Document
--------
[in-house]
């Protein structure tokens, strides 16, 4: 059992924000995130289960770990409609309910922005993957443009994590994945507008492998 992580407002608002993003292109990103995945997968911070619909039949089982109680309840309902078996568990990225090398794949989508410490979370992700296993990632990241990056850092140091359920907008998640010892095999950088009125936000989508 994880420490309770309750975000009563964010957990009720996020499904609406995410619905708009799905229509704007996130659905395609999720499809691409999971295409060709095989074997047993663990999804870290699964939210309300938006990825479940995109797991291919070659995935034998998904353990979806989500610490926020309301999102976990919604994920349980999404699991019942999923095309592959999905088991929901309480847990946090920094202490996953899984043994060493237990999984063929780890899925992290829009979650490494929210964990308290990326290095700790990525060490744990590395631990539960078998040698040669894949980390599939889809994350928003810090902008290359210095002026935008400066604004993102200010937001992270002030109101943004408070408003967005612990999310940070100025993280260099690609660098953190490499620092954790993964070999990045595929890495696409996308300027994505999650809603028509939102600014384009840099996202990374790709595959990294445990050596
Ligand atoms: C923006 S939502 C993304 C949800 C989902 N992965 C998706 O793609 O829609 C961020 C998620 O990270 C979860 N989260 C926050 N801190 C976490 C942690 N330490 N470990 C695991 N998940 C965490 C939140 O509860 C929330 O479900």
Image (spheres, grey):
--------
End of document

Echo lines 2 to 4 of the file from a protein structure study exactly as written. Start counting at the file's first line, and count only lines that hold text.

């Protein structure tokens, strides 16, 4: 059992924000995130289960770990409609309910922005993957443009994590994945507008492998 992580407002608002993003292109990103995945997968911070619909039949089982109680309840309902078996568990990225090398794949989508410490979370992700296993990632990241990056850092140091359920907008998640010892095999950088009125936000989508 994880420490309770309750975000009563964010957990009720996020499904609406995410619905708009799905229509704007996130659905395609999720499809691409999971295409060709095989074997047993663990999804870290699964939210309300938006990825479940995109797991291919070659995935034998998904353990979806989500610490926020309301999102976990919604994920349980999404699991019942999923095309592959999905088991929901309480847990946090920094202490996953899984043994060493237990999984063929780890899925992290829009979650490494929210964990308290990326290095700790990525060490744990590395631990539960078998040698040669894949980390599939889809994350928003810090902008290359210095002026935008400066604004993102200010937001992270002030109101943004408070408003967005612990999310940070100025993280260099690609660098953190490499620092954790993964070999990045595929890495696409996308300027994505999650809603028509939102600014384009840099996202990374790709595959990294445990050596
Ligand atoms: C923006 S939502 C993304 C949800 C989902 N992965 C998706 O793609 O829609 C961020 C998620 O990270 C979860 N989260 C926050 N801190 C976490 C942690 N330490 N470990 C695991 N998940 C965490 C939140 O509860 C929330 O479900």
Image (spheres, grey):